Who Is Dead and Who Is Not Dead

RECEIVED Fri., July 9, 2010

Dear Editor,
    In "Letters at 3AM: Dead and Alive on the Fourth of July" [July 2] Michael Ventura pits well-known cultural figures and institutions against one another. Within pairings of his choosing he draws sharp distinctions between his selections and tags each with a "dead" or "not dead" label. It's clear enough that by "dead" he means "culturally irrelevant." What's less clear, and what I keep wondering is: dead to whom?
    "Johann Sebastian Bach is dead," Ventura tells us, "Duke Ellington is not. The order Bach imposed upon sound is stunning, but it ain't the way the world works. Ellington's miscegenation of harmony, melody, and rhythm is the world we experience."
    The order Duke Ellington imposed on sound is also pretty stunning, as is Bach's miscegenation of harmony, melody, and rhythm. Contrary to what may be the general present-day impression, the referencing and interbreeding of disparate musical sources did not begin with Ellington or with Bach. This referential quality may seem more apparent in Ellington than in Bach only because the 20th century master's references, which include Bach, are more completely our own. It's also worth noting that, though popular during his lifetime, Bach's music fell out of favor during the 19th century and was only revived during the later half of the 20th century.
    To hear only the structural mastery in Bach, formidable as it is, is to miss entirely the complex emotional and psychological content of his music. The fugue may no longer be fashionable, and it may never be again, but pathos and ecstasy are timeless.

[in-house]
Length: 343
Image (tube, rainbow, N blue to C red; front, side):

Check out the "Gavotte" from Bach's Suite No. 6 for Solo Cello, in the unsurpassed recording by Pierre Fournier. Here is rhythmically, harmonically unorthodox music with folk roots foreign to Bach's Germany (the gavotte originated as a French folk dance) that also in places seems to look ahead to bluegrass. This spunky, defiantly liberated music is but one example of Bach's extraordinary depth and range.
    In all due respect to Aristotle, art is more than an imitation. Though it almost invariably mimics "how the world works" – how can it not? – it cannot be bound to that. The most profound art is more than a reflection of the everyday reality Ventura prizes; it is an act of the human imagination. It is a vision which strives toward the greatest heights to which the human spirit is capable of soaring.
Michael Obershan
One click gets you all the newsletters listed below

Breaking news, arts coverage, and daily events

Can't keep up with happenings around town? We can help.

Austin's queerest news and events

Eric Goodman's Austin FC column, other soccer news

All questions answered (satisfaction not guaranteed)

Information is power. Support the free press, so we can support Austin.   Support the Chronicle